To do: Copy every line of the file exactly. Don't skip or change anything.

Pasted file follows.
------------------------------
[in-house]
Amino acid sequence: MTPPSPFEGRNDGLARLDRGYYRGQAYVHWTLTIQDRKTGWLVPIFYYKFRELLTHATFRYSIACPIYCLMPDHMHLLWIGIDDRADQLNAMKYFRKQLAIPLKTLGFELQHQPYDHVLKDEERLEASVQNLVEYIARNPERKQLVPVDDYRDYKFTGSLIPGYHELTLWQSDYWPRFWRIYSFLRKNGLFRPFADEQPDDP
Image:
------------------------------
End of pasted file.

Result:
[in-house]
Amino acid sequence: MTPPSPFEGRNDGLARLDRGYYRGQAYVHWTLTIQDRKTGWLVPIFYYKFRELLTHATFRYSIACPIYCLMPDHMHLLWIGIDDRADQLNAMKYFRKQLAIPLKTLGFELQHQPYDHVLKDEERLEASVQNLVEYIARNPERKQLVPVDDYRDYKFTGSLIPGYHELTLWQSDYWPRFWRIYSFLRKNGLFRPFADEQPDDP
Image: